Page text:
Suzy Whaley may not be the only woman to play in a PGA Tour event in 2003. The world’s top-ranked female player, Annika Sorenstam, has expressed interest in sampling a PGA Tour stop, too. And several tournament directors appear eager and willing to give her the opportunity.
One day after making her desire known at a Jan. 22 national media gathering in Orlando, Fla., Sorenstam was offered a sponsor exemption to play the B.C. Open (July 17-20) in Endicott, N.Y. Tournament directors from the Chrysler Classic of Tucson, Buick Classic, Greater Milwaukee Open, Bell Canadian Open, 84 Lumber Classic and Chrysler Classic of Greensboro (N.C.) also have expressed some level of interest in the possibility of inviting Sorenstam to play. More may follow.
“A tournament like ours could certainly use that (the publicity Sorenstam would bring), and I think she’d have a real good shot at playing on the weekend,” said Chrysler Classic of Greensboro tournament director Mark Brazil. “We’d roll out the red carpet for her.”
The B.C. Open will be played opposite the men’s British Open and one week before the Greater Hartford Open, where Whaley will compete after earning her spot in a Connecticut PGA section event last fall. Whaley competed from shorter tees in the sectional, but will play from the back tees during the GHO, as would Sorenstam if she were to play.
Sorenstam’s agent, IMG’s Mark Steinberg, said Sorenstam first brought up the possibility during her remarkable 2002 season, when she won 11 LPGA events and more than $2.8 million. Now, it seems more a question of when, not if.
“If I got an invite, I would say, ‘Yes,’ in a heartbeat,” Sorenstam said at an appearance for Callaway Golf at Orlando’s Bay Hill Club & Lodge. “It’s a great challenge. It’s not something I want to do regularly. But it would be a great learning experience.”
Sorenstam said she did not wish to upstage Whaley.
“Now you’ve got Suzy Whaley, and that’s such a big deal,” she said. “I don’t think the timing is right. But I’m playing so well, I don’t want to wait too long.”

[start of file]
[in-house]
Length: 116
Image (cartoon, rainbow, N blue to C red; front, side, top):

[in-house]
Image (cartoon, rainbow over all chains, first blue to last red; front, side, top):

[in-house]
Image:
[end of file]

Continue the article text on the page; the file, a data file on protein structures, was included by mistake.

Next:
Since her remarks, as Steinberg predicted, PGA Tour tournament directors have been battling to get first dibs on the Swedish superstar. But it likely will be a while before Sorenstam decides which – if any – event she will play.
On Jan. 26, Steinberg said it was unlikely a decision on the B.C. Open invitation would be made anytime soon. And Sorenstam, playing at the LPGA Skins game later that day, said she knew nothing about the offer, which was made by B.C. Open tournament director Mike Norman to Steinberg on Jan. 23 at the PGA Show.
If she plays, Sorenstam and Steinberg said the timing and venue have to be right for her. In other words, she’d like to compete on a shorter layout with tight fairways and thick rough where distance off the tee wouldn’t be so important, and during a week when she’s not defending a title (she has 13 worldwide defenses this year) or playing an LPGA major.
Reactions to Sorenstam’s quest have been mixed. Some said she’d be stealing a spot from a more deserving competitor. Others are intrigued to see how she’d do.
“Well, the PGA Tour has always said it’s about having the best players in the world compete,” said Phil Mickelson, “and we have never differentiated male or female.”
Added fellow Tour player Ian Leggatt: “They (women) don’t intervene in professional tennis or any other sport. I don’t know why all of a sudden there’s this special interest in golf.”
For Sorenstam, there would be much more pressure to show she can compete alongside male counterparts.
“I have no doubt Annika could make the cut in a PGA Tour event,” said fellow LPGA player Laura Davies. “Knowing her, she wouldn’t be satisfied with making the cut, she would want to win it, too.”
But others – such as Tour veteran Jesper Parnevik, a fellow Swede – aren’t so sure.
“I would be impressed if she made one cut all year on the PGA Tour,” he said on PGATour.com. “I know she likes challenges, but I know it’s going to be tougher out here than she thinks.”
– Staff and wire reports